Black Bear cub #17-0073

Admission Date: 
January 23, 2017
Location of Rescue: 
Lunenburg County, Virginia
Cause of Admission / Condition: 
Separated from mother
Outcome: 
Fostered onto a wild sow
Patient Status: 
Patient Archive
Released

On January 21, two rabbit hunters were out in Lunenburg County, Virginia, when they heard two small bear cubs crying. The cubs were in a den, but there was no immediate sign of the sow. The hunters called the Virginia Department of Game and Inland Fisheries to consult with them about what to do; the hunters were inclined to leave the cubs there but wanted to inform VDGIF of their location. VDGIF biologists agreed that the two cubs should be left for the rest of the day to allow the sow to come back.

The following day, a biologist checked on the bears and saw no signs of the sow; one of the cubs had crawled out of the den and was extremely cold and wet. The biologist took the cubs and began warming and rehydrating them; sadly, one of the cubs died later that same night. The remaining cub was transported to the Wildlife Center the following morning.

Drs. Ernesto and Peach examined the small cub, likely about 10 days old, and found him to be in good health. The cub was placed in an incubator in the Center's ICU. The cub will need to be fed every four hours for a total of six feedings in a 24-hour period. Wildlife rehabilitators Brie and Linda will determine their 'round-the-clock feeding shifts for the rest of the week.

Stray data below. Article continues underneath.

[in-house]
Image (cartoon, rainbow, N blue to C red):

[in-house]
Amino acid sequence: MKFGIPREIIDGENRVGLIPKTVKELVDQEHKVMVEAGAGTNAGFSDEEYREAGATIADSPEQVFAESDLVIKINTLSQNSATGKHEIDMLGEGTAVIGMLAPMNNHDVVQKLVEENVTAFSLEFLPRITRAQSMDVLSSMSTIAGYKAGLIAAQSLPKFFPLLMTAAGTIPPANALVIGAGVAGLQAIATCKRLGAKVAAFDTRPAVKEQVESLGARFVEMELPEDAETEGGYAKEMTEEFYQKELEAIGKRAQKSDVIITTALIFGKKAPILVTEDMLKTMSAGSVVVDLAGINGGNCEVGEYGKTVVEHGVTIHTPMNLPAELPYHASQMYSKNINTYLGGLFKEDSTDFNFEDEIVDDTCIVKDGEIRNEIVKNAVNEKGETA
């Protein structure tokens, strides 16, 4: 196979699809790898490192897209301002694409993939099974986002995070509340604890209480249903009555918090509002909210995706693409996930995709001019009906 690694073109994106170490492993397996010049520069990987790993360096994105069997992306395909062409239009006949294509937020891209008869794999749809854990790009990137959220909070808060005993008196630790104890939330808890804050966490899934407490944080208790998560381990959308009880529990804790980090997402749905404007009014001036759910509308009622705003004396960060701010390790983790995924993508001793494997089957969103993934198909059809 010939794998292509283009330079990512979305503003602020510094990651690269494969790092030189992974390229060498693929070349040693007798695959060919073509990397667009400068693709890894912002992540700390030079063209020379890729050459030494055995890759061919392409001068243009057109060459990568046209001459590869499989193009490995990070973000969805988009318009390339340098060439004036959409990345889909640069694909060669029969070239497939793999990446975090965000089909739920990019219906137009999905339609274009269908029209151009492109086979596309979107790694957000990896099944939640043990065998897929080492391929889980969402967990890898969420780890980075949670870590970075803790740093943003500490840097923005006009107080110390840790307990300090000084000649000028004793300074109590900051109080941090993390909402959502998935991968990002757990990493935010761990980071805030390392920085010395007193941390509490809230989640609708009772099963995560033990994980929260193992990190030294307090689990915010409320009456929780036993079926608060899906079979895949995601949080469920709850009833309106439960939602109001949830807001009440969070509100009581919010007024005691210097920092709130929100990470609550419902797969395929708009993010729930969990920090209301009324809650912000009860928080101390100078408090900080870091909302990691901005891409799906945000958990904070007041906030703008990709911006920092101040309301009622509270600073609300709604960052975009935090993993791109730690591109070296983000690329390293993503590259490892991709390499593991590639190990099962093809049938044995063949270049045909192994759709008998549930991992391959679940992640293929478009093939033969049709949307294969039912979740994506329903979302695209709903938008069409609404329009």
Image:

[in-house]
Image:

VDGIF's bear collaring project will hopefully identify potential surrogate bear sows with which this bear cub can be placed. The VDGIF biologists have not yet begun den checks since bear cubbing season has only just begun. Within the next week, they'll be checking den sites and will hopefully find a surrogate mother for this little cub.

You can help the Wildlife Center care for this young Black Bear cub; your donation will help provide specialized formula and round-the-clock care. Please help!

Updates

January 30, 2017

The VDGIF biologists reported back this afternoon -- with news of a fostering success!

Two biologists took the bear cub today to an active den on private property. The den set-up was much more ideal than the one used last week; one biologist was able to sneak up behind the den, and leave the cub very close to the den opening. At the same time, another biologist was watching the den with binoculars, and was able to see the sow with her two cubs. Shortly after dropping off the Center's cub, the sow poked her head out of the den, sniffed the new cub, and quickly picked him up and placed him with her two cubs.

 

Biologists don't want to disturb the sow by too much immediate activity. However, they do plan on returning to the den in a few weeks to assess the situation.

The staff are thrilled with this wonderful news!

January 30, 2017

Black Bear cub #17-0073 did well throughout the weekend at the Wildlife Center. As of Sunday, January 29, he weighed 1.01 kg! On Monday morning, VDGIF's Black Bear Project Leader Jaime Sajecki picked up the cub will be handing him off to another VDGIF biologist for today's fostering attempt. We hope to hear more later this afternoon.